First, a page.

“ There is a time in the last few days of summer when the ripeness of autumn fills the air.” – Rudolfo Anaya
The marine air that we were promised has come to blow the coastal smoke away, although there is still pewter coloured smoke weaving its way through concrete and organic structures alike. The sky is a milky blue, the sunlight filtered and because of our very dry summer, there is a scent of autumn in the air. Walking through our favourite trail after a tasty lunch at the Urban Forest Café, we’ve found ourselves once again sitting on a bench at Beaver Lake listening to the sound of the leaves talking as a lone raven takes to the sky. We have a perfect view of the float planes as they crest the stand of forest on their way to Coal Harbour to drop off passengers from points unknown.
We all need places that are green, places far from the fray of everyday life where we can gather our thoughts, to read like the young Harry Potter look-alike we came upon on Cathedral trail as we made our way home – bare feet perched on a crumbling log, deep into mysterious pages, a fairy-tale image just waiting to be captured on my own pages. Apparently he reads here most afternoons, tucked off the main trail, and I think that’s magical.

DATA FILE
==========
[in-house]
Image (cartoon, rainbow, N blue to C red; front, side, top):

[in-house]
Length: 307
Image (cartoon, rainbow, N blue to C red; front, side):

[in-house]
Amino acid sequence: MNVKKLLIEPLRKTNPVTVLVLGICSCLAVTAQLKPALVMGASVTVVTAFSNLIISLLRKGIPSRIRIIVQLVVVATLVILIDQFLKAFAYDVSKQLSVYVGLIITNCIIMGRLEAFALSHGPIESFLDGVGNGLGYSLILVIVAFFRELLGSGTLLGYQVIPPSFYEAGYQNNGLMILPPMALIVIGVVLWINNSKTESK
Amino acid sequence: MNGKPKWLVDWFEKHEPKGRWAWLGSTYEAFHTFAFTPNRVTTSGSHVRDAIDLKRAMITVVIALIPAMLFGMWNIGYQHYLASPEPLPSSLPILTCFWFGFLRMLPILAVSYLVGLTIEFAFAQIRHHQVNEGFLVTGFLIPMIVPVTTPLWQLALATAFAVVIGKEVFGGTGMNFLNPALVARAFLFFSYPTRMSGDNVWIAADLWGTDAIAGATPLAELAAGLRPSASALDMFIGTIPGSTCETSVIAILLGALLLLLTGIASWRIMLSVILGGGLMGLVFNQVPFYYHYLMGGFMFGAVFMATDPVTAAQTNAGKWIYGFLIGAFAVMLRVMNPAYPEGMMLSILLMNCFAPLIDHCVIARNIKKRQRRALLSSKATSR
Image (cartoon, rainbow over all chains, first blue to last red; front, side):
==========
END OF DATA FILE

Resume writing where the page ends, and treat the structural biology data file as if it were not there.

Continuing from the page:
These are some of the fleeting summer moments I’m compelled to gather in spite of the rising red sun and a sense of foreboding as smoke continues to touch our world. Today, the warm scent of cedar and wild mint is keeping us company on our summer trail after another picnic in the park. Blackberries are hard to find as autumn gently wanders in, so we settle on a log in a clearing to watch a preening Rufous-Sided Towhee sunning itself on a hill of moss as robins fly over our heads in search of berries, too. The rich, oxygenated air is a joy to breathe in after waking up to an eerily beautiful red sun, we are thankful to have big sky to look at without smoke to mar one of the last days of summer. As I make my way home I stop in at the Stanley Park Community Garden for a wander, it’s quiet now, bathed in colours of scarlet, copper and gold. White and currant coloured berries alongside tightly closed seed pods have replaced the pastel hues of spring – how sweet to see tiny sparrows perched inside a changing bush feasting on the insects found there. This is autumn asking us to awaken from the languorous days of summer…the season of foraging wasps and orb-spinners lighting the way before the rains come.
This post is dedicated to a beautiful artist in our neighbourhood who succumbed to the smoky skies, Judy Cameron (February 19, 1938 – August 19, 2018) – I still look for her selling her cards at the corner of Haro & Cardero.